Editorial Cartoon by Graeme MacKay, The Hamilton Spectator – Friday October 2, 2020
The decline of the American Empire
Whatever went on between Donald Trump and Joe Biden on Tuesday night, it wasn’t a presidential election debate, it was an unpresidential disaster.
For the TV viewers unlucky enough to have stuck it out through this 90-minute waking nightmare, the experience was like standing in front of a 10-storey fan into which heavy artillery were constantly firing mud. Or like watching two guys wrestle in the gutter over a nickel.
From start to finish it was a high-decibel cacophony of insults, accusations and angry interruptions as the ever-pugnacious President Trump — staying true to brutal form — mocked the intelligence of his Democratic rival, accused Biden of being a stooge for socialists and even attacked his son, Hunter.
And while even a saint would have been rattled by Trump’s rude and blistering attacks, it was nonetheless disappointing to hear Biden respond in kind by calling the president a “liar,” a “racist,” and “the worst president American has ever had,” as well as telling him to “shut up, man.”
No matter who you think won this ugly verbal brawl, the losers were clear: the American people and every American ally around the world that still looks to the United States for leadership.
One of the most common responses of the American pundits who watched this dumpster fire was that they were ashamed of what they’d witnessed. That’s a stunning admission in a country known for its patriotism — but it was entirely appropriate.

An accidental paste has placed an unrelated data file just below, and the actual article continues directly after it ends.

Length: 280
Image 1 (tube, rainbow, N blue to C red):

No matter who wins this election, the office of U.S. president has been diminished, for now, shorn of the respect that should be due to the world’s most powerful leader and, in turn, to the world’s most powerful economic and military nation.
How can this supposed beacon of democracy continue to shine when the democratic process of choosing its highest official is debased in this way, its light heaped with dirt? And how can the widening fractures in the U.S. on racial, economic and political lines be brought together when Trump, who might still be elected for another four years, not only treats his opponents with contempt but refuses in a public debate to denounce white supremacists? “Stand back and stand by,” was his bizarre and troubling message to one of these groups, the Proud Boys.
No wonder the dismay over this debate, as well as the state of disunion it signifies, spread far beyond the U.S. “There is a consensus in Europe that this is getting out of hand, and this debate is an indicator of the bad shape of the American democracy,” observed Ulrich Speck, an analyst with the German Marshall Fund in Berlin.
“European leaders must (be) thinking, ‘The American leadership is over,’” concluded Nicole Bacharan, a political analyst living in France, adding that authoritarian leaders such as Russia’s Vladimir Putin “must be telling themselves … they can do everything because the U.S. isn’t a leader anymore.”
The gleeful reaction in China, the emerging powerhouse that is challenging America’s global dominance, was also instructive. “Such a chaos at the top of U.S. politics reflects division, anxiety of U.S. society and the accelerating loss of advantage of the U.S. political system,” said Hu Xijin, editor of the Global Times, a Chinese Communist Party propaganda sheet.
The relative decline of the U.S., and its global economic and military empire, had been observed before Trump’s rise. His presidency has accelerated this decline and even if it is reversible it will take years to do so.
For Canada, which remains America’s closest neighbour and ally, the debate should serve as a reminder of this sad reality. (Hamilton Spectator Editorial)